News / Asia

India's Slowing Economy Unlikely to Stage Quick Recovery

A customer leaves a shoe store in Mumbai January 31, 2012.
A customer leaves a shoe store in Mumbai January 31, 2012.
Anjana Pasricha

Economists in India say the nation's economy is growing at its slowest pace in three years.  From New Delhi, Economic growth is not expected to pick up significant pace anytime soon. 

Government estimates have confirmed what economists have been saying for several months.  India’s economy will grow by 6.9 percent in the financial year that ends in March. That figure is sharply down from the 9 percent growth the government had forecast at the start of 2011.  It is also the slowest pace since the economy was hit by the 2008 global financial crisis.

At that time, India’s economy had staged a swift recovery.  But most economists say this time, that will not happen.

A. Prasanna, an economist at ICICI Securities in Mumbai, says global economic turbulence and domestic problems have contributed significantly to the slackening pace this time.  

“Investment demand has really slowed down in India because business sentiment has turned weak," explained Prasanna.  "On top of that we had the Reserve Bank hiking interest rates quite aggressively though the whole of last year to contain inflation, so the higher rates have had further dampening impact on investment.”

The government is being blamed for the reduction in investment demand.  It put pro-business policies on hold to deal with a series of corruption scandals and a lack of political consensus.

Moreover, its own finances are also not as healthy as they were in 2008.  Then, the government injected billions of dollars to boost consumer demand.  It cannot do this again because it is grappling with a high fiscal deficit.  

Economist Prasanna says all eyes are on the federal budget to be announced next month because the government’s response could be critical in determining the pace of recovery.

“If the government does send out a signal that they will work hard to bring down the deficit, that and take up an opportunity to proceed with some reforms in key sectors, it will help in bringing down interest rates," Prasanna said.  "It will also help in improving business sentiment.  That may not help much in the current year, but it's important down the line.”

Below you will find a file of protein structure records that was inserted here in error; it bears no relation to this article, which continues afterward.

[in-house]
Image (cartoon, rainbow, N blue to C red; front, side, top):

However, there is some cause for cheer.  After losing 25 percent of their value last year, stock markets are recovering as more foreign funds begin to flow in.  The local currency, the rupee, has also recovered some value after falling to an all time low against the dollar last year.  

But economists caution that the government cannot take high growth for granted as it has done for years.  They say it will have to work harder to give fresh momentum to the economy. 

Most forecasts put growth at around 7 percent in the coming year.  That is high compared to developed countries, but not high enough for an emerging economy that hopes to be one of the engines of a global economic recovery this decade.

You May Like

As US Strikes Syria, China Sees Parallels at Home

Beijing is debating how much support to give international coalition against IS militants and trying to figure out how many Chinese nationals may have joined group overseas More

CDC: Ebola Could Infect 1.4 M by 2015

US health officials say if efforts to curb the outbreak are not increased, cases will soar dramatically by early next year More

Video USAID Provides $231 Million for Girls Education in 5 Countries

US Agency for International Development partners with celebrities to call attention to importance of education for girls worldwide More

This forum has been closed.
Comments
     
There are no comments in this forum. Be first and add one

Featured Videos

Your JavaScript is turned off or you have an old version of Adobe's Flash Player. Get the latest Flash player.
Washington to Pyongyang: 'Shut This Evil System Down'i
X
Scott Stearns
September 23, 2014 10:52 PM
U.S. Secretary of State John Kerry is calling on North Korea to shut down prison camps and other human rights abuses following a United Nations Commission of Inquiry into "widespread and systematic human rights violations." VOA State Department Correspondent Scott Stearns reports from the United Nations.
Video

Video Washington to Pyongyang: 'Shut This Evil System Down'

U.S. Secretary of State John Kerry is calling on North Korea to shut down prison camps and other human rights abuses following a United Nations Commission of Inquiry into "widespread and systematic human rights violations." VOA State Department Correspondent Scott Stearns reports from the United Nations.
Video

Video US, Gulf Allies Strike Islamic State Militants in Syria